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Need some help in understanding the slowness in one of the UPDATE statements like below:-

UPDATE TOP (100) xyz
SET xyz.flag = 1
OUTPUT inserted.Rcode, inserted.EDR, inserted.id, abc.EID,abc.CID,abc.ENID,abc.Cdate
FROM dbo.table1 xyz WITH (UPDLOCK, READPAST)
INNER JOIN dbo.table2 abc WITH (NOLOCK)
on xyz.id=abc.id
WHERE xyz.flag = 0

Table1 has approx. 0.5 million rows and Table 2 has approx. 5 million rows

Slow Plan

Hash Match distinct flow operator shows a yellow alarm and message is:

Operator used Tempdb to spill data for executed with spill level 4 with 1 spilled thread"

Build residual:

database.dbo.table2.id as abc.id = database.dbo.table2.id as abc.id

I took a screenshot. Unfortunately due to security reasons I can't provide more than that, not even an anonymized plan. From my working station I cannot access the internet so there is no way I can get plan explorer to run there.

enter image description here

Generally for a smaller subset of rows it's under sec like when we have just matching 10K rows or something. But with higher amount of data this seems to be tipping point and app cannot afford 1 min of run time. From SSMS I get 30 secs but from app we have avg. 50 secs approx. RCSI is in testing phase.

My good plan does not have that Hash Match Flow Distinct operator visible as shown in my screenshot, while rest of plan remains same. Good one completes under 3 secs or so. As seen nearly 16 seconds are spent on that operator. Can we eliminate it via proper indexing or query re-write?

Table schema

CREATE TABLE dbo.table1
(
    Recid  VARCHAR(128) COLLATE SQL_Latin1_general_CP1_CI_AS NOT NULL,
    Cdate DATETIME NULL,
    flag BIT   NULL DEFAULT (0),
    Rcode INT NULL,
    EDR VARCHAR(255) COLLATE SQL_Latin1_general_CP1_CI_AS NULL,
    id BIGINT NULL
);

CREATE TABLE dbo.table2
(
    ENID BIGINT IDENTITY(1,1) NOT NULL,
    EID VARCHAR(50) COLLATE SQL_Latin1_general_CP1_CI_AS NOT NULL,
    CID VARCHAR(350) COLLATE SQL_Latin1_general_CP1_CI_AS NOT NULL,
    CDate DATETIME NOT NULL DEFAULT(getdate()),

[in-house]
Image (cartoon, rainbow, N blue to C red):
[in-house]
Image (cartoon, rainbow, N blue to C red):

id BIGINT NOT NULL,

    CONSTRAINT PK_ENID PRIMARY KEY (ENID ASC, EID ASC),
);
-- table1
CREATE INDEX ix_Cdate on dbo.table1 (Cdate) WITH (FILLFACTOR=100);
CREATE CLUSTERED INDEX ix_Recid on dbo.table1 (Recid) WITH (FILLFACTOR=80);

-- table2
CREATE INDEX ix_ENID_id on dbo.table2 (ENID,id) WITH (FILLFACTOR=100);

Changes

Changes I made and some numbers:

  • Added hint OPTION (QUERYTRACEON 4138) - avg. execution 7 secs down from original 50secs, but app team seems not have access to perform this in code. Need to check further on this.

  • OPTION (ORDER GROUP)gave same results of avg. 50secs so no improvement there.

  • Added index as suggested:

CREATE INDEX i ON dbo.table2 (id) INCLUDE (CID, CDate);

Not much improvements there. Avg. 45 secs and plan was similar to one attached in this question (top plan).

Before and after each test I made sure plan was not generated from previous cached plan.

Fast plan

Attaching the plan which is faster and without any change in data or query is still fast for same amount of rows in both tables. App team continuously submit above query throughout the day to finish the batch by completing those TOP 100. There is a plan change based on some tipping number and below is how the good plan looks:

enter image description here

Edit:- With everything unchanged, no code change or any index being added, as suggested when i am trying to add hint (FORCESEEK) its giving me below error